Now that we know that we want to store our packets in a hash tree, we still have to choose what exactly we are going to implement. This post explains the different parameters we have to consider to make that choice.
What’s our memory?
A WaDeD board has five types of memory we can access, ranging from the smallest to the largest:
- MCU backup registers (80 bytes): these are used to save the registers when entering standby mode. Reading and writing is extremely fast, but this is not multi-purpose memory, and it is not addressable.
- MCU internal EEPROM (4 KB ranging from 0x0808 0000 to 0x0808 0FFF): non-volatile memory, addressable by octet. Writing is slow (up to 3.94 ms), reading is fast. Should be used only for data that we want to keep over the long run and not update frequently.
- MCU internal RAM (16 KB ranging from 0x2000 0000 to 0x2000 3FFF): volatile memory, addressable by octet. Reading and writing is fast. This is our main RAM, and, with the exception of the backup registers, the fastest memory we can access.
- MCU internal flash (128 KB ranging from 0x0800 0000 to 0x0801 FFFF): non-volatile memory, addressable by page. Reading and writing are slow. In normal use, this is where we will store the firmware.
- External FRAM (256 KB): non-volatile memory, addressable by octet over the SPI2 bus. The FRAM can work with a frequency up to 40MHz, so it is only limited by the working frequency of the MCU, which is set at 1MHz. This means access in microseconds, a thousand times faster than flash or EEPROM, but a thousand time slower than RAM.
The RAM is therefore the best memory to use for frequent R/W operations, followed by the FRAM. It is not reasonable to expect frequent writing on the flash and EEPROM, so the normal use of the software should treat those zones as read-only.
What does a tree weight?
It is obvious that we cannot stock the messages in the RAM: we need to store them on non-volatile memory, and there is not enough space to store a satisfactory amount of them. Therefore, it is a no-brainer that they will go to the FRAM. Storing the tree raises more questions: how much does the tree “weighs” anyway?
If well constructed, the nodes of the tree need not store a pointer to their sons (think of a heap for instance), so the internal nodes only need to store, for instance, 8 bytes, if we use 8 bytes hashes as messages fingerprints. With a message size of about 180 bytes, we can store 1024 of them on the FRAM while keeping enough space for the rest of the application, so our tree must have 1024 leaves. The leaves are special, because they do not contain the same things as an internal node: they either contain a whole bucket (less flexible, more economic) or the address of a bucket (more memory consuming, but allows to specify the kind of bucket when inserting the message in the tree). In the later hypothesis, each leave weighs 11 bytes, since the FRAM uses three-octets addresses. The leaves take up a total memory space of 11264 bytes, around 11kB.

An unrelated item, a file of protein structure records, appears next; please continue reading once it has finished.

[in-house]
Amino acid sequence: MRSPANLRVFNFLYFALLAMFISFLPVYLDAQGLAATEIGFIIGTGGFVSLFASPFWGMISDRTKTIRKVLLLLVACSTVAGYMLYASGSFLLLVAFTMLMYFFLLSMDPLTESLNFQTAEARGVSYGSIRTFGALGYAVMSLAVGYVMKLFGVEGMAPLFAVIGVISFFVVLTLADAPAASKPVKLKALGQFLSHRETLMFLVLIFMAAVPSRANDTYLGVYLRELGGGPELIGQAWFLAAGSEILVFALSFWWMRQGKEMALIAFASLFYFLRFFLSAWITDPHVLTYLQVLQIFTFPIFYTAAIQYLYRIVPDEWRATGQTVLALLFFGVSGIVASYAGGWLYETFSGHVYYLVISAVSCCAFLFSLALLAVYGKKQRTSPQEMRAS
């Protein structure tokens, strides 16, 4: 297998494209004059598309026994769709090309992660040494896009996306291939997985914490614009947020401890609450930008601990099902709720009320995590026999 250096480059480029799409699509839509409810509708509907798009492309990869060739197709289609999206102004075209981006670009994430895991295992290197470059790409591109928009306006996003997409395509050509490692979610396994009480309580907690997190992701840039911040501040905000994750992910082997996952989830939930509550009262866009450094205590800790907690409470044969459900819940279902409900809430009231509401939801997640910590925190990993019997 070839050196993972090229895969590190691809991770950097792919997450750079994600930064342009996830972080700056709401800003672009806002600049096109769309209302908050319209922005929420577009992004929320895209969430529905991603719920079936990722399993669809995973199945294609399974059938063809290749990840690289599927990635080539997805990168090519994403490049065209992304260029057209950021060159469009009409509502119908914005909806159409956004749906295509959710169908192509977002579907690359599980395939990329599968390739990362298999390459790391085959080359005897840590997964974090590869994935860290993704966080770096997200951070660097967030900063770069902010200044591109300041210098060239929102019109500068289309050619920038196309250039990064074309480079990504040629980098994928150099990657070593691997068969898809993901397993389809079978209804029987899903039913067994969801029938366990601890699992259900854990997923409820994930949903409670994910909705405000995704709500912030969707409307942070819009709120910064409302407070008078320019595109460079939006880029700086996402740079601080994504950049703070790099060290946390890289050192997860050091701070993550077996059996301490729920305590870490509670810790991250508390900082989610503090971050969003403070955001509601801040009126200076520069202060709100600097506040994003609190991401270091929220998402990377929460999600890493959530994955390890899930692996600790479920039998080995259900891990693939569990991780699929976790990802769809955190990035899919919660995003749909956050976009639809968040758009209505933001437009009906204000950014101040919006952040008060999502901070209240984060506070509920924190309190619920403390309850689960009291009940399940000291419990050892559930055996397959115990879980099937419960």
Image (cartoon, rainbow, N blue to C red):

With a fixed number of sons in our tree, we can use either a binary tree (with 1023 internal nodes) or a 4-sons tree (with 381 internal nodes) (we could use a 512-sons tree, but that would not be very efficient). That is, the internal part of the tree weighs about 8kB if it is a binary tree, and about 3kB a 4-sons tree (8184 and 2728 octets, to be exact). The total tree weighs either 19 or 14 kB.
How many sons should we have?
What are the pros and cons of a binary tree versus a 4-sons tree? Size is a parameter, as we just saw. But by storing less information, the 4-sons tree is also less precise. When updating a part of the tree, the affected subtree is considerably larger than for a binary tree. It means that in the case two trees do not differ a lot (which, as we saw, is when the hash tree structure comes in handy), we need to make more hash comparisons to identify the leaves that differ. Since hash are what are exchanged through radio during the comparison phase of the transaction, a hash comparison is a costly operation.
In the same time, we saw that FRAM accesses are a thousand times slower than RAM accesses. This means that if we can store something in the RAM, we have a strong incentive to do so. It is not reasonable to store 11 kB of leaves in the 16 kB RAM, but we can consider storing the internal tree. 8 kB is a lot, so storing a 4-sons tree in RAM is easier than storing a binary tree. Can we afford storing a binary tree? A 4-sons tree? Neither? This will need experimentation, and might need last minute adjustments as the firmware becomes more complex and uses more RAM.